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Wisconsin PATCH is a collaboration of several PATCH Sites. All of these sites are part of the PATCH Program. PATCH Dane County & PATCH Central WI are programs of WAWH. PATCH Coulee Region is supported in part by AMCHP, GMF, and EHC.

Have a general inquiry? Contact Wisconsin PATCH at patch@wiawh.org.

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Working With Sexually Active Teens

In January 2016, PATCH teamed up with the Wisconsin Department of Public Instruction and Public Health Madison & Dane County to host a full day conference on issues of mandated reporting in working with sexually active teens.
The goals of the event were:
1. To help you follow laws that support sexually active adolescents
2. To keep teens safe
3. To ensure teens access health care services
4. To allow and encourage teens to exercise as much control over their personal lives as possible

This extremely popular event sold out in just a few days, but never fear! You can still access the tips, tools, and know-how that our participants gained by viewing the video-recorded event in segments below. Resources related to each segment of the event are included in a column to the right of the videos - please enjoy and share widely! 

PATCH Teen Educators kicked off a day dedicated to empowering teens throughout the mandated reporting process by sharing real stories of their peers' experiences as they relate to mandated reporting. These stories set the foundation for why we gathered at the Working with Sexually Active Teens Summit and illustrate why it is so important to consider teen rights throughout the mandated reporting process. Keep these stories about confidentiality breeches, miscommunication, supportive mandated reporters, and mishandled reports in mind as you review the rest of the content for the day.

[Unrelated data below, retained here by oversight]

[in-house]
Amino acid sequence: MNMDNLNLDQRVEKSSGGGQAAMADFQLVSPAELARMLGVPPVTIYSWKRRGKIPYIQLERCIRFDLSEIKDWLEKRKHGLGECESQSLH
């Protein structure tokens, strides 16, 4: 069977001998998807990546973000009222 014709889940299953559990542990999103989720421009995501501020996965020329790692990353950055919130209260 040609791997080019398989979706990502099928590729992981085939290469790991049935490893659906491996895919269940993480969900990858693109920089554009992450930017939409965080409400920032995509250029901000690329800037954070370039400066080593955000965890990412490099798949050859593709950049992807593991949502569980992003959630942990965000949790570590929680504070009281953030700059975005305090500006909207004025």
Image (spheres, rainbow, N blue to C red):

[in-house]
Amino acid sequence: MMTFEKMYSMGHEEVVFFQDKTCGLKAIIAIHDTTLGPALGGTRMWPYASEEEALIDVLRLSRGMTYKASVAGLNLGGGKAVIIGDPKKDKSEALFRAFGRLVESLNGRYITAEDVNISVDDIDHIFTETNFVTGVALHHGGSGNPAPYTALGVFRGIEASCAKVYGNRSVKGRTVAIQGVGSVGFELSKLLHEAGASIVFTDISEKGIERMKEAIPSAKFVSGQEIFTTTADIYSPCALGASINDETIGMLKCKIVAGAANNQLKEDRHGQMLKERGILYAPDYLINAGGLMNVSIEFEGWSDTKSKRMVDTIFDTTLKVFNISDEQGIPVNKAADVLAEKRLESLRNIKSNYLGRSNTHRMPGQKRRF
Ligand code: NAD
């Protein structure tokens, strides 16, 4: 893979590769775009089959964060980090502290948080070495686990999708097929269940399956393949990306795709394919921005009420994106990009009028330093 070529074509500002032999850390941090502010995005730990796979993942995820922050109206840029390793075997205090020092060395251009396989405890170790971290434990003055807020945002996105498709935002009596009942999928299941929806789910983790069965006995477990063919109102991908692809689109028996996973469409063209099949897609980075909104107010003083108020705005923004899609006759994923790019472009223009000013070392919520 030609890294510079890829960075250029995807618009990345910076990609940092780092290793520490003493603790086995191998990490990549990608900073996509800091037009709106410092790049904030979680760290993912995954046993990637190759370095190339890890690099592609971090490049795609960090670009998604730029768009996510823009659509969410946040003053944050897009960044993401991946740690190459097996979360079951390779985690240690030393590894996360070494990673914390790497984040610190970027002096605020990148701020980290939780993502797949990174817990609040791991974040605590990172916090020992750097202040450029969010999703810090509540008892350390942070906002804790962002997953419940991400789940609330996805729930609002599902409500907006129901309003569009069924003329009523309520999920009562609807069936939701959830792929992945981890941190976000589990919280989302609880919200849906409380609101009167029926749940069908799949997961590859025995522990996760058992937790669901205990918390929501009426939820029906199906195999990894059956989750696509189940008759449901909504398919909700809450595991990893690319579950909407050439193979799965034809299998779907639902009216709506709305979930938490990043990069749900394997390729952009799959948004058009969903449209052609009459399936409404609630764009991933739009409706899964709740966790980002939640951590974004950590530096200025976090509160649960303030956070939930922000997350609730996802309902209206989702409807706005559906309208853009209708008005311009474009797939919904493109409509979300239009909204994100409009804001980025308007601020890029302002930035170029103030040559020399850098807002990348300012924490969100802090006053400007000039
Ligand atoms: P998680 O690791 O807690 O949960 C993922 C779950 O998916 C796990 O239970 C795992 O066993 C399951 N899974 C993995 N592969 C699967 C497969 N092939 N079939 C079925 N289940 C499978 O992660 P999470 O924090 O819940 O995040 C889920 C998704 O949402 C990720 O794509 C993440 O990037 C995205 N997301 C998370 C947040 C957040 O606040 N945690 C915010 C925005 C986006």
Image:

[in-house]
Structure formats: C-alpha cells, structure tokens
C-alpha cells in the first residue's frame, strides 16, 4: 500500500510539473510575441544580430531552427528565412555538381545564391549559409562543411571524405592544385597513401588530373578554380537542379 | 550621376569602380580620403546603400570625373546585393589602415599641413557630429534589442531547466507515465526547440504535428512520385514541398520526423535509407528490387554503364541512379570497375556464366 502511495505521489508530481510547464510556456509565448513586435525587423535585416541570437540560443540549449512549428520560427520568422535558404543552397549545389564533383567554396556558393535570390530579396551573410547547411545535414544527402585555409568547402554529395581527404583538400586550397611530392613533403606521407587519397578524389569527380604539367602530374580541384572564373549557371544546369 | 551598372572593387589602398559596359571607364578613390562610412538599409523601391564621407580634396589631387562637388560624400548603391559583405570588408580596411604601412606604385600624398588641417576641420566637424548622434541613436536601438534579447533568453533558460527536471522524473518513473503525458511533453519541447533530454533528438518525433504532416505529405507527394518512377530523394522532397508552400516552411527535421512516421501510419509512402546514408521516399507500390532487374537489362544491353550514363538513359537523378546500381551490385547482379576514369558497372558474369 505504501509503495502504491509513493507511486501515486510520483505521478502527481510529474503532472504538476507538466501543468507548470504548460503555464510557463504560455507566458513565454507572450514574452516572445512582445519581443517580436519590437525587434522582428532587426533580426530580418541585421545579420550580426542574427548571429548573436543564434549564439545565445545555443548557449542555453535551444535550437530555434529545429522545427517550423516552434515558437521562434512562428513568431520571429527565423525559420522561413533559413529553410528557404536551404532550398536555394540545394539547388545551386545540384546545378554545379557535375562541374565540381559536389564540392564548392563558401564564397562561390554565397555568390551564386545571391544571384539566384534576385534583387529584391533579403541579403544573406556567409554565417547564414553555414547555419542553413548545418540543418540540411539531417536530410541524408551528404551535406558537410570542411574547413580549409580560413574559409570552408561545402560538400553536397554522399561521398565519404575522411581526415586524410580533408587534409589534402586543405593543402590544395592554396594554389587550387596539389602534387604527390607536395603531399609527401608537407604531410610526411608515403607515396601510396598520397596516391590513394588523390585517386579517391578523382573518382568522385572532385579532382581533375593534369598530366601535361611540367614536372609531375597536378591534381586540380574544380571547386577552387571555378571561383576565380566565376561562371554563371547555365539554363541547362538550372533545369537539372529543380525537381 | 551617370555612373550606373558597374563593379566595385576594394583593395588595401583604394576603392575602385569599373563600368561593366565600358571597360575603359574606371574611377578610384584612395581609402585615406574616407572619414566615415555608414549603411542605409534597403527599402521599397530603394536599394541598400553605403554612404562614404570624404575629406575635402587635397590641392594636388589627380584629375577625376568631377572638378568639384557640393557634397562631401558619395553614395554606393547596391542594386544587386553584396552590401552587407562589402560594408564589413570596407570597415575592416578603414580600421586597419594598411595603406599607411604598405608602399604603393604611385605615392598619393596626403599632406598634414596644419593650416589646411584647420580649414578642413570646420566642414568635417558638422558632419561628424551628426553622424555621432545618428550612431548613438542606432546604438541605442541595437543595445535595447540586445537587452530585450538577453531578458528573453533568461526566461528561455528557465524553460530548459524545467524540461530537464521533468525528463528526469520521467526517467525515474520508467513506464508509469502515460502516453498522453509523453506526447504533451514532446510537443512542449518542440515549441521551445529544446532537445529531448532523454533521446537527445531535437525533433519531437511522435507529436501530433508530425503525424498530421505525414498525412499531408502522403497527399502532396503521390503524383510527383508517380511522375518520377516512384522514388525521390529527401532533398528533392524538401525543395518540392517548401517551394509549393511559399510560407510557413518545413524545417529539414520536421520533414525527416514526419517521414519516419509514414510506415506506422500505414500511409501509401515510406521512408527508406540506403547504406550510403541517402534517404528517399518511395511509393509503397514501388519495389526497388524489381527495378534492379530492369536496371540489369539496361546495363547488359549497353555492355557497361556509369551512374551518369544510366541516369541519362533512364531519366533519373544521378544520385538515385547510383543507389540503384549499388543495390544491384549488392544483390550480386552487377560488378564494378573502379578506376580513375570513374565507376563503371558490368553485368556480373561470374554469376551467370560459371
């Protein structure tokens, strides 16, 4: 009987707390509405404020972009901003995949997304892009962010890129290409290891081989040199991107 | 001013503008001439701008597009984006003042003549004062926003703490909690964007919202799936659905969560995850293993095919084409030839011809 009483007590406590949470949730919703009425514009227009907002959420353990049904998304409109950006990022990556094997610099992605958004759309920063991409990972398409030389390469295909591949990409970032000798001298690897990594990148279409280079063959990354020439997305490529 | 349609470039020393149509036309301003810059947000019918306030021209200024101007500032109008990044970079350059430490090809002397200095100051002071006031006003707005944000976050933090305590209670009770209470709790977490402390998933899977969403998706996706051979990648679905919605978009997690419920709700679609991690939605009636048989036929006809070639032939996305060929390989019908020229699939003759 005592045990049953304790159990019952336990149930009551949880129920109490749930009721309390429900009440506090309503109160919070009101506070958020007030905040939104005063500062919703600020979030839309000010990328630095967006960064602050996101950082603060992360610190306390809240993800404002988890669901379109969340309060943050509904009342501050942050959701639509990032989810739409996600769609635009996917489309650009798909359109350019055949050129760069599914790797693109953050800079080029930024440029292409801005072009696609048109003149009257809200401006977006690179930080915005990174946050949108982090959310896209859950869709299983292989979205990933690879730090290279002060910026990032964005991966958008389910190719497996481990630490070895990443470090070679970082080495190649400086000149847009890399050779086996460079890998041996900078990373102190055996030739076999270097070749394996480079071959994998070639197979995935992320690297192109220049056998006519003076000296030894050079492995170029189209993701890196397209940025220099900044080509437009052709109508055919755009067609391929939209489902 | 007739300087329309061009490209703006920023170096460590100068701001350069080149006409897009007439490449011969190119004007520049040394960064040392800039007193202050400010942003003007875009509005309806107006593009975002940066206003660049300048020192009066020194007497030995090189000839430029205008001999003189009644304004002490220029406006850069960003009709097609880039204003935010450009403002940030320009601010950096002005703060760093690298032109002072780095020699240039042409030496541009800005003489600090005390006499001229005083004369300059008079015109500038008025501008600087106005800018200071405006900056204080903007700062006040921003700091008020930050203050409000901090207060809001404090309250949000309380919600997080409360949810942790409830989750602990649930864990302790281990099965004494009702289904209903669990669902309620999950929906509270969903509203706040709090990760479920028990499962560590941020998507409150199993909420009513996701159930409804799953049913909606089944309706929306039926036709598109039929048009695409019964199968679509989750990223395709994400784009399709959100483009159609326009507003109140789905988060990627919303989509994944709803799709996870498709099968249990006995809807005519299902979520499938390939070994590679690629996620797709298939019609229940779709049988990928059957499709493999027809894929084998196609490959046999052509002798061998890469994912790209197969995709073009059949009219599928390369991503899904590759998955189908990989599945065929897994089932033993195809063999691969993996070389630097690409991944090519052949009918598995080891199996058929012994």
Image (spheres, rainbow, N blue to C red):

Welcome and Storytelling Panel

Reporting Requirements for Sexually Active Youth

Session Resources

Nic Dibble, MSW is the Education Consultant of School Social Work Services with Department of Public Instruction. He takes a very complex topic, mandated reporting for sexually active teens, and makes the need to report easier to understand and the process easier to follow. He uses three critical determinants to simplify decision making around mandated reporting and clearly explores the reporting exceptions for health care services. The information provided reflects the collective opinions of a variety of Wisconsin State Agencies. We suggest sharing this widely with all of your colleagues and partners to make sure everyone involved has a clear understanding of the mandated reporting laws in Wisconsin!

Working with Sexually Active Teens - Community Panel

Session Resources

This community panel brings together four key voices from the Dane County community to discuss how they would approach some of the stories shared by the PATCH Teen Educators during the storytelling panel. These individuals from the the health care field, police department, and Child Protective Services work daily to navigate the mandated reporting laws as interpreted in Dane County. We realize the tips shared might not directly reflect the process in your own community, and so we encourage you to consider what would a panel of community partners look like in your community. Who should be at that table and do you know them?

​Following this panel, attendees worked in small groups at their table to create an action plan for mandated reporting in their home communities and identified additional partners who needed to be involved in this conversation. After watching the video, try using the Who Do You Need In Your Sandbox document to track who you should know in your community!

Honoring Teens Rights - Tips from PATCH Teen Educators

Session Resources

Following small group discussions, participants came back together for a final conversation and question & answer session about barriers when doing this work in home communities and strategies for empowering youth. Workshop participants developed a list of best practices for youth empowerment throughout the reporting process and then PATCH Teen Educators gave feedback on the suggestions. The Teen Educators summarized suggestions by common themes and commented on practices they thought were really good, practices they thought could be improved, and practices they wanted to see that weren't included in participants initial responses!